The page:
And compounding the situation is the fact that recently signed cornerback Ty Law lines up on the same side as Rhodes. Law made it clear on Monday that the Jets combination on the left side could be problematic.
"For Kerry and myself, we're on the same side - we don't know what is going on," said a candid Law. "That's going to be something to see. When the real bullets start to fly, I don't know what I'm doing and he doesn't know what he's doing, I'm like, 'Oh boy. I don't know what I'm doing, Kerry is just coming in. It's going to be a lot of fun and interesting. We're kind of running around with our heads cut off just playing football, but I think he'll be alright."
Wow, that doesn't sound promising. And Law thinks that Kansas City's Pro Bowl tight end Tony Gonzalez can't wait to match-up with the rookie.
"[Rhodes] is going to have a hell of a challenge right now," said Law. "He's going up against Tony Gonzalez, an All-Pro. [Gonzalez] is going to be licking his chops, to be honest with you, if he has a chance to go at him."
It almost sounds like Law would have preferred for the Jets to stick with the veteran Celestin, who is in his second season with the Jets, and would have been able to help him out more.
"[Rhodes] definitely has a nose for the ball," said Law. "He can go out there and make plays, but the real bullets are about to fly and we have to understand that he's a young guy, he's a rookie." . . .
It's somewhat remarkable that rookie guard Isaac Snell made the regular roster. The Jets signed Snell as undrafted free agent in April. He was a defensive tackle at North Dakota State, but when they signed him, he was immediately moved him to the offensive line. Obviously the experiment worked out exceedingly well. Most people thought Snell's only chance to hang around was on the practice squad, but he shocked many by making the 53-man roster. The 6-foot-6, 300-pound Snell is very athletic and tough, and has been a quick learner. He beat out Jason Nerys, who has a lot more experience at guard. While Snell needs to get stronger, the Jets might have once again discovered a college defensive tackle who can succeed on the NFL level as an offensive lineman. The experiment with former Ilinois defensive tackle Brandon Moore couldn't have worked out any better. He has been starting the last two years at right guard . . .
Herman Edwards said during the summer that the team's fifth wide receiver needs to have a unique quality like size or speed. Dante Ridgeway, who was claimed on waivers Sunday, has neither. He's 5-foot-11, 212 pounds and ran a 4.6 forty before the draft. But you can't argue with his production. He had 105 catches at Ball State last year, and then left school early to enter the draft, and was a sixth round pick of the St. Louis Rams. He was released on the first cutdown, and was awarded to the Cincinnati Bengals on waivers. They took a two day looksee at the prospect before releasing him. Both the Rams and Bengals are loaded at wide receiver, so that fact that Ridgeway was cut by these teams isn't necessarily an indictment of his talent. Neither team had room for him, and both were considering him for their practice squads, but the Jets cut them off at the pass by claiming him on waivers. The following is a scouting report on Ridgeway:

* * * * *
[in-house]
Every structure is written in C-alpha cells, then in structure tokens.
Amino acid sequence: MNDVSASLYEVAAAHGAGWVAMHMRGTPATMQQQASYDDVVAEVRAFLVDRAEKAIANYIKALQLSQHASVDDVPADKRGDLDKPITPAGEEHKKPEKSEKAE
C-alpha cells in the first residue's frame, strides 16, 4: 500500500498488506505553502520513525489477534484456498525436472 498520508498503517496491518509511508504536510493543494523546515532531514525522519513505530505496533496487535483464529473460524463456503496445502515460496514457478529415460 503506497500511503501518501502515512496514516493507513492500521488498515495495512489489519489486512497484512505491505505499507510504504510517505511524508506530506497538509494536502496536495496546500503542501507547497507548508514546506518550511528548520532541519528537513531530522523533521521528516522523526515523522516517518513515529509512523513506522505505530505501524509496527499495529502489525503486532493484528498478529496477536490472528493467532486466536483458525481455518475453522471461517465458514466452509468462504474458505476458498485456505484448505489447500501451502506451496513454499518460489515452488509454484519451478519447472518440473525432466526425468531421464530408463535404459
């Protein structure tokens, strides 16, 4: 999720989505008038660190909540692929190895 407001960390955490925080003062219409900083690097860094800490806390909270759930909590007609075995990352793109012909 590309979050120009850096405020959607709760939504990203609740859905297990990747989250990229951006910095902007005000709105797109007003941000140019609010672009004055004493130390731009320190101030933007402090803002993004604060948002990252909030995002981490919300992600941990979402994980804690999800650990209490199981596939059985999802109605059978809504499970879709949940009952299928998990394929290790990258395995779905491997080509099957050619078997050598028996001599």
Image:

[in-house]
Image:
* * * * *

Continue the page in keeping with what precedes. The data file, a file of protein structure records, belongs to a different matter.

Has a good frame with thick muscle development, tight waist, good hamstring and bubble and straight calves … Not sudden, but is smooth and efficient in his release off the line of scrimmage … Has some strength to power through the jam and adequate quickness to elude … Sharp and efficient cutting in the open and can separate on short and intermediate routes … Knows where the sticks are and can read coverages well … Lacks good vertical speed, but is quick into and out of his breaks … Good hands catcher who can snatch and adjust to the off-target passes … Shows good body coordination tracking the ball in over his shoulder … Despite some upper-body stiffness, he is a strong runner who can power through press coverage or arm tackles . . .
Former Jets defensive tackle Tim McGill was claimed off waivers by the Miami Dolphins. McGill is a good fit at nose tackle in the Dolphins 3-4 defense. At 6-foot-2, 335 pounds with tremendous strength, he's perfectly built to handle the rigors of 3-4 nose tackle. He's not as good a fit in the Jets 4-3 defensive, because he's not particularly quick. The space-eater role of 3-4 nose tackle is perfect for him . . .
It looks like it's going to be a while before you are going to see Chad Pennington using a lot of the shotgun formation.
"I think I'll use it more later than earlier in the season," said Pennington. "I want to make sure I feel comfortable with the reads from under the center before I start using the shotgun as much. I'm not going to use it much early in the season. I'm going to use it in certain plays that I feel comfortable with. As I make more progress, I'll use it more." . . .
You have to wonder what the Jets are going to do with second-year offensive tackle Marko Cavka. His broken arm will keep him out at least two months. If the Jets keep him on the regular roster until he's healed, it will cost them a valuable roster spot. And it's doubtful the Jets view Cakva as a good enough player at this point to occupy a roster spot until he's healed. According to an NFL source, the Jets actually did try to clear Cavka off the roster by offering him an injury settlement, but he turned it down. He likely makes more money on the active roster. The Jets only option might be to put Cavka on injured reserve for the season.
As for replacing Cavka, the Jets trade with Green Bay for offensive tackle Steve Morley doesn't fill the bill. He's a project. The Jets are still talking to a few different veteran swing tackles, and will likely sign one in the next few days . . .
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